Cali Parker is poor. She has a lot on her plate – her father is dying, she’s working to help pay the rent, and she’s two-years behind in college.
Griffin Brooks is rich. He has not a care in the world – he’s acing his engineering courses, his hobby is restoring his fifty-thousand dollar classic car, and he has a different girl on his arm every week.
When Cali sees Griffin on her first day of class, she’s immediately smitten and thinks she’s found the perfect guy. When Griffin sees Cali at the bank, he immediately forgets the blonde he was with that morning. Then they meet, and their worlds collide.
Cali doesn’t belong in Griffin’s world, and he doesn’t understand hers. But just when Griffin convinces Cali that their two different worlds can blend, a secret is revealed that tears them apart.
Is their love strong enough to bring them back together, or will their worlds drift further apart?
Cali has had a tough life, with one knock back after another. Money has never been in great supply in her household and she’s had to defer college to save up enough money to go. Then her dad gets sick and her mom is pulling two jobs to try and meet his medical bills. Griffin has had it cushy and never wanted for anything. A major player, he’s never met any girl he felt like settling down with, until he meets Cali.
Cali has a chip the size of a planet on her shoulder over money. On one level, I could feel her pain and empathize, but on another level I wanted to give her a swift kick in the butt and tell her to get over herself. She allows it to control and ruin basically every aspect of her life. I have to say, after a while, it became tedious to read it, and by the end of the book any sympathy I had for her had been erased.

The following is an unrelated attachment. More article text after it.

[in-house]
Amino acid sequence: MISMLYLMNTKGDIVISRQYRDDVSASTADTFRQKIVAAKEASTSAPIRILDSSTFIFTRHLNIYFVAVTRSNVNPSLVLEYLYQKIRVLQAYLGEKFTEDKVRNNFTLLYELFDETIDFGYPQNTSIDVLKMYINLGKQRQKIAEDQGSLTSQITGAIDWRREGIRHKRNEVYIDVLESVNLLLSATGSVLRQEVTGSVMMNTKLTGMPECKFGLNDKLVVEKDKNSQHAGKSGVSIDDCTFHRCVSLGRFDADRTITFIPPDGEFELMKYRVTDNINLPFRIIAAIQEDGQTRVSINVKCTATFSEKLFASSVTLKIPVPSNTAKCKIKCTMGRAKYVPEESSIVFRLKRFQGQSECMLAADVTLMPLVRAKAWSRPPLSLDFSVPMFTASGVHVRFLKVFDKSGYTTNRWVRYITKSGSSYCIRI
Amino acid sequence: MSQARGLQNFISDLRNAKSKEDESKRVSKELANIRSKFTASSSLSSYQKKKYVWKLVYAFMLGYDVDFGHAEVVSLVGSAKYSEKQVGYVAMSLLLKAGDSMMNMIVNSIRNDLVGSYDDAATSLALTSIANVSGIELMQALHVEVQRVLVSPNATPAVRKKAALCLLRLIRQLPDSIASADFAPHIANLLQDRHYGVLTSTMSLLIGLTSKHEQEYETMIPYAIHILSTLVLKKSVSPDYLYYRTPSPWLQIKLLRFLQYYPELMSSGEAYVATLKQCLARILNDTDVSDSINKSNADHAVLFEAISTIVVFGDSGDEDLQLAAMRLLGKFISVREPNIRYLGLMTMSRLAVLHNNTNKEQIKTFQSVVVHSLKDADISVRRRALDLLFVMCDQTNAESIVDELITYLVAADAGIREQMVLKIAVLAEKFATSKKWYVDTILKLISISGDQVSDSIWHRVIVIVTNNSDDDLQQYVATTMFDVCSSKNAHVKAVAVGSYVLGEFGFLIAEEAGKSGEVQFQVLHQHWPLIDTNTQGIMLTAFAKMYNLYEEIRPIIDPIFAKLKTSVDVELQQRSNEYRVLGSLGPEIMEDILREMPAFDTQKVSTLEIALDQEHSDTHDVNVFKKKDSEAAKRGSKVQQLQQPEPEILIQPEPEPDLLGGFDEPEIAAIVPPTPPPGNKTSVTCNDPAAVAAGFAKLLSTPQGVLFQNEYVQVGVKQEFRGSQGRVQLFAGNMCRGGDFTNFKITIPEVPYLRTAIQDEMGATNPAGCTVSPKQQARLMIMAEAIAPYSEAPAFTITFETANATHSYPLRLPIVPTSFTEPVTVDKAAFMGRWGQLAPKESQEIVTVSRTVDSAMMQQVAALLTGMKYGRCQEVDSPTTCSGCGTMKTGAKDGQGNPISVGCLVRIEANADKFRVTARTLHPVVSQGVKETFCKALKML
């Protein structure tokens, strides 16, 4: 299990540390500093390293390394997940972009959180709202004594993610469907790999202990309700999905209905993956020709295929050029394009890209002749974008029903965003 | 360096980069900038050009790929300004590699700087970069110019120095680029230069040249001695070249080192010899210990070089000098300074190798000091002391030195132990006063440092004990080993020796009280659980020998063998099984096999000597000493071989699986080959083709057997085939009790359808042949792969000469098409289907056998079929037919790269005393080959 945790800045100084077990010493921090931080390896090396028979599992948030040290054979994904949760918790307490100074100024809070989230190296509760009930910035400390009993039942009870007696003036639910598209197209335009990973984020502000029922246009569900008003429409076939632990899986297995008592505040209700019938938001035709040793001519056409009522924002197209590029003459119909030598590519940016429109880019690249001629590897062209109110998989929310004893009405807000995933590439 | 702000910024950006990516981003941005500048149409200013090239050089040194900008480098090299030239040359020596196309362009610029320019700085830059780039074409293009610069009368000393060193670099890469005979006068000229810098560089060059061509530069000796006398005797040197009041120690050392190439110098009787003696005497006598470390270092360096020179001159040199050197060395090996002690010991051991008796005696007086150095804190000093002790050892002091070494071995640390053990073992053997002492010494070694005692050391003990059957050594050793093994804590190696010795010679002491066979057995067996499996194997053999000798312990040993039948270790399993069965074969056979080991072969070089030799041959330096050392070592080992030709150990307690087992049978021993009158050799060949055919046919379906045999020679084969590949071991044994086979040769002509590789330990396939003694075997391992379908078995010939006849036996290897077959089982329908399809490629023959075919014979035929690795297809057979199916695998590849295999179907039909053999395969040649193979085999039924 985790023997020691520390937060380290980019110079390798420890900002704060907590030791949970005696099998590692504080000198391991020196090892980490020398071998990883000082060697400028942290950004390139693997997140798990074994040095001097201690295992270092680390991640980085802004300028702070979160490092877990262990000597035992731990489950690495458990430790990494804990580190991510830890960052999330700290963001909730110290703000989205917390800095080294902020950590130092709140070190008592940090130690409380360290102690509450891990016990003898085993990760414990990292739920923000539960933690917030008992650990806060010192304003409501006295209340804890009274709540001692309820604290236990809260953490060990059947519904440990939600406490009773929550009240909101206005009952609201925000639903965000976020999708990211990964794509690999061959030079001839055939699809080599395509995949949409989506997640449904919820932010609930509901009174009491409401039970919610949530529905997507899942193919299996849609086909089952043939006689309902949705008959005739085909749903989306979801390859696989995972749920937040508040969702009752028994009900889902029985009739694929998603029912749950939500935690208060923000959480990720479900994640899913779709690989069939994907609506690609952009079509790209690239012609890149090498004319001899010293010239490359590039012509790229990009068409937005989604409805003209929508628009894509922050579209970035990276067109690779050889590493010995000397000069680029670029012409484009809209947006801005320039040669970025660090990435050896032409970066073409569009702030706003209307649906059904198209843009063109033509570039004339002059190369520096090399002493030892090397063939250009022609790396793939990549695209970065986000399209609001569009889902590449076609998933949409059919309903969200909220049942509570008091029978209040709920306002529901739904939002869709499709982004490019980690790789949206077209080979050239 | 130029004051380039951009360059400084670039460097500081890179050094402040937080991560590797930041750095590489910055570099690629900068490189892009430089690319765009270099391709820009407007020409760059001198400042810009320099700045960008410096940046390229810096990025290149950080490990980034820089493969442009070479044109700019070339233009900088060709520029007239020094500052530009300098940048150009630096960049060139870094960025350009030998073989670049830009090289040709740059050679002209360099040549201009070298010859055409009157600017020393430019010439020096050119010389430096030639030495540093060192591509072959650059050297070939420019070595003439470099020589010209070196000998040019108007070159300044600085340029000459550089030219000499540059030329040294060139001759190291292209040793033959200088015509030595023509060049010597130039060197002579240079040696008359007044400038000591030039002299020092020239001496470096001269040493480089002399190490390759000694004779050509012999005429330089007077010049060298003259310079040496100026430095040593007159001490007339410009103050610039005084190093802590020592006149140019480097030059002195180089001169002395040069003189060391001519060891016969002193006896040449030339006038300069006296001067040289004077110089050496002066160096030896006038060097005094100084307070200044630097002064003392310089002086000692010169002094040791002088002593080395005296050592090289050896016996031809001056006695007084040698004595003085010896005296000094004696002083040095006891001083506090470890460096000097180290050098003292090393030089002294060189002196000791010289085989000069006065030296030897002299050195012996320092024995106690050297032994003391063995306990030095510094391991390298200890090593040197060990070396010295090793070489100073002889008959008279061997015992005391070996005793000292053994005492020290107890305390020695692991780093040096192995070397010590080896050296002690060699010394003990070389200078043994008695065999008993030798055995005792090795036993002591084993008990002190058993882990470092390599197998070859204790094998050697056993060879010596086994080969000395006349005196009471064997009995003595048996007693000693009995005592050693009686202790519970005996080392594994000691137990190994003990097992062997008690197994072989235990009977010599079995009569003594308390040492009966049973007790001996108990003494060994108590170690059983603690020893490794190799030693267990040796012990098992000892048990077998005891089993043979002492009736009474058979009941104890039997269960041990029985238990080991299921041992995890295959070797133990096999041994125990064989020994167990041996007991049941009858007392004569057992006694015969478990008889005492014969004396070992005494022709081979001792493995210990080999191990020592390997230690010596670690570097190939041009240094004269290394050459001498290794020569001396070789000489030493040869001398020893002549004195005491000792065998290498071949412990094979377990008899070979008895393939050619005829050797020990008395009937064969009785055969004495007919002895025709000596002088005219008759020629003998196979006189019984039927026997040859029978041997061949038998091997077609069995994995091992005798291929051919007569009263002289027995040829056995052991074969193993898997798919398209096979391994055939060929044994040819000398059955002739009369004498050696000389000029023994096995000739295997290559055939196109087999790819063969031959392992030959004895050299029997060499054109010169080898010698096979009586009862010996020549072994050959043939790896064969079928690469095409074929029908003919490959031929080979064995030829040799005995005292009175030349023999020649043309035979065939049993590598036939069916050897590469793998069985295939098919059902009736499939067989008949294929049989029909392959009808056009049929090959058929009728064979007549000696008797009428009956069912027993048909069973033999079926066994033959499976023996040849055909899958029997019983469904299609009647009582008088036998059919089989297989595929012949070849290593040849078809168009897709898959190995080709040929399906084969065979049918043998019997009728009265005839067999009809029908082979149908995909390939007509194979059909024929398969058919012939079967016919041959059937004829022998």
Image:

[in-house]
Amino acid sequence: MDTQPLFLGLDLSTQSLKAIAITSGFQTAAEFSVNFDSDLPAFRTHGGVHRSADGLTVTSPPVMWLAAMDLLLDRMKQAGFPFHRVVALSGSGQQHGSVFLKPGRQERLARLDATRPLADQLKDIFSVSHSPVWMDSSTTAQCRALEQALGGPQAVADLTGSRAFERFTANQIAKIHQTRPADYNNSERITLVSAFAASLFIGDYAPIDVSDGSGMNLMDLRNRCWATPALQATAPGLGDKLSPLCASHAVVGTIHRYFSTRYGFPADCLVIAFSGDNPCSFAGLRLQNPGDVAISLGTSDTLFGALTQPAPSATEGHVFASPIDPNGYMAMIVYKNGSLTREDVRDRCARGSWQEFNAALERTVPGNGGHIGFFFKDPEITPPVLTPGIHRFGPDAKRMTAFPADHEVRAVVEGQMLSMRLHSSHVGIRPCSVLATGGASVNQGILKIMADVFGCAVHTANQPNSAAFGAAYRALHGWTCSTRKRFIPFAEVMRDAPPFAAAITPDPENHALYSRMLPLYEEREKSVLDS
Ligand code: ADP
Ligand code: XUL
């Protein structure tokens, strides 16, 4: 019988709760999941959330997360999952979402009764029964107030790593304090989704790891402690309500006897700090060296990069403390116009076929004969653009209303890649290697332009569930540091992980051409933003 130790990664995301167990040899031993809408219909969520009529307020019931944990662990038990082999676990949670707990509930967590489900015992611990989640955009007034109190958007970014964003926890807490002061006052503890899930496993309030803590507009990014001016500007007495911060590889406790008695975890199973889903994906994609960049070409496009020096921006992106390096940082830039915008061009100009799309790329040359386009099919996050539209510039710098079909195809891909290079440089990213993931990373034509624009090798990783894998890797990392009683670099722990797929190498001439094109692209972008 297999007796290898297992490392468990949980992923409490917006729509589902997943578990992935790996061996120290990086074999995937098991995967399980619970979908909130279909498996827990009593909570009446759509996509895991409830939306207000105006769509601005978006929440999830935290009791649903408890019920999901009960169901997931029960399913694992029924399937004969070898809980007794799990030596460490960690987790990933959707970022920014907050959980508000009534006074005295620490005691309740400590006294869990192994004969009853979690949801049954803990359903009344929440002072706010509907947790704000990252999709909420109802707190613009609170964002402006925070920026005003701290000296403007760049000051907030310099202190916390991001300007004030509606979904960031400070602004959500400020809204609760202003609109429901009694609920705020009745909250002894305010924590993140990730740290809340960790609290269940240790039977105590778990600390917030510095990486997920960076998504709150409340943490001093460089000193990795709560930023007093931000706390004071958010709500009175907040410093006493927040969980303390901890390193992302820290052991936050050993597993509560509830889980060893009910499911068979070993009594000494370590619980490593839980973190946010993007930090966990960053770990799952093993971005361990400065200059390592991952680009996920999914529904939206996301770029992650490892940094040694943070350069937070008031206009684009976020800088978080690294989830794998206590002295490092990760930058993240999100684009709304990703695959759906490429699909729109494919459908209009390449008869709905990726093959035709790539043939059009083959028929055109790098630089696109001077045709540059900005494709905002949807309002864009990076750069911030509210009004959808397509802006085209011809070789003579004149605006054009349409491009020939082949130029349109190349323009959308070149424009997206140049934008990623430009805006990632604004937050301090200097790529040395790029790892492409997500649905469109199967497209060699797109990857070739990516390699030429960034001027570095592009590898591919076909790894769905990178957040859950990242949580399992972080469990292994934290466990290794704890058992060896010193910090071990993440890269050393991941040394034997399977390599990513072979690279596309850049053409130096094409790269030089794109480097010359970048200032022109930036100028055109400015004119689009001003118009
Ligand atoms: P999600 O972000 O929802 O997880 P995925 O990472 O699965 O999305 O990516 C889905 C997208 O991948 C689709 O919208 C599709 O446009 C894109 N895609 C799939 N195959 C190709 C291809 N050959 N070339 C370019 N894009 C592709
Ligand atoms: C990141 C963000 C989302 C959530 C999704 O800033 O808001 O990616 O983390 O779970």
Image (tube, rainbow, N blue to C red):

The redeeming element in this book is undoubtedly Griffen. All he does is try his best to support and please Cali, and all she does is constantly push him away. There is an inciting incident at the start, when they are kids, that brings the whole ‘soulmates’ premise into play. I loved that and it helped me believe in their love, because without that I really didn’t see what attracted Griffen to whiny Cali.
There’s a really good twist about half way through the book. I suspected there was something coming, but not that! I love when a book surprises me. Again, Griffen acts in Cali’s best interests in helping to bring the secret out into the open. Cali feels betrayed by him and her mom (which is initially a natural reaction) but then she forgives her mom for a lifetime of lies and kicks Griffen to the curb even though he only concealed it for a few days, and only to do the right thing. That was the part where I started screaming at my Kindle.
The writing is consistent with other books in this genre and we get our HEA in the end. It’s an enjoyable enough read even though I wish some of the characters ( and Cali in particular) behaved differently.
I received a review copy of this book via Lola’s Blog Tours in exchange for my honest review.